Outside of my family, there are two people who inspired me to become a writer: Jim Henson and Dr Seuss. But that would have been a meaningless dream if there had not been someone inside my family who told me it was okay if I wanted to write that novel… as long as I got my homework done first.

The children of readers become readers; only a lucky few get to be writers.


His mother must be very proud…

Today is Dr Suess’s birthday, which occasions the National Education Association’s “Read Across America” celebration and in the UK, World Book Day. It’s an entire day about childhood literacy.

Where and when and how I grew up, there was a rare day indeed that wasn’t about childhood literacy. In my earliest memories, there was a shelf of books in my room. A small wooden set of shelves my dad bought at some garage sale or antique store was first. He painted it bright orange for some reason and stuffed it with Golden Books, picture books, and Storybooks telling tales from Disney and the Bible. I romped with the Poky Little Puppy, hopped in an Apple car with Mr Worm to explore the Busy Busy World of Richard Scarry, and sailed with Max the wolf boy to a far off land where Wild Things still roamed. I helped The Little Engine up a big hill and helped Grover avoid the Monster at the End of his book.

Why my dad painted that shelf bright orange, I will never know. Maybe he wanted to make it stick in my memory. Maybe he just really liked orange; we had an orange car once. Whatever the reason for its color, it was at my elbow when I sat by my sister as she read me the story of the Laura Engles Wilder’s Long Winter and Aslan’s plans for Narnia.

That shelf of a peculiar color seemed so large at one point and then suddenly it wasn’t big enough to hold our library. My sister and I branched out on our own, leaving behind story time for sitting in corners devouring the adventures of Nancy Drew and the Brothers Hardy. More and larger shelves replaced it, a library that grew at the same rate we did.

When most people picture the act of encouraging children to read, they picture a parent or grandparent reading aloud and doing all the voices as hero and villain race to the finish…


Yes, you’re very smart, now shut up.

But that’s not enough and it lets those of us without our own children off the hook. A literate society springs from… wait for it… a literate society.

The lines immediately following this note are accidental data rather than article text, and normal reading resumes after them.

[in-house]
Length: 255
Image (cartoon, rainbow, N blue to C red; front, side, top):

This is what brings me, each March 2nd to sit down and remember my parents and reflect on the orange enamel of the shelf that held the gift they left me.

Today is more than another day when I encourage everyone to sit down with a child and read if they can and donate to an organization that does if they cannot (though I do and you should if you can and should do the other if you can’t).

It takes more than that.

My parents didn’t sit me on their laps and do voices as I flipped pages. They read, conspicuously and constantly. Everyone around me read. They traded books they liked and talked about them.

Because readers sprout where they are sown and it’s all hands on deck. Imagine what it would be like to live in a world where everyone took care with words and had critical thinking skills…

Please celebrate childhood literacy today. Read to a kid. Donate to the cause. Buy books for your local libraries and schools. But understand that literacy isn’t a holiday, it’s a lifestyle. And literate children need literate societies where reading isn’t something special, it’s The Way Things Are.

If you make one day about literacy and you have made a start.  Make every day about literacy and you’ve made a reader.

Visit the NEA Foundation’s website at readacrossamerica.org to learn more about how you can help improve access to books and assist the cause of a literate society in your area.

Leave a Reply

Fill in your details below or click an icon to log in:

WordPress.com Logo

You are commenting using your WordPress.com account. Log Out /  Change )

Twitter picture

You are commenting using your Twitter account. Log Out /  Change )

Facebook photo

You are commenting using your Facebook account. Log Out /  Change )

Connecting to %s

This site uses Akismet to reduce spam. Learn how your comment data is processed.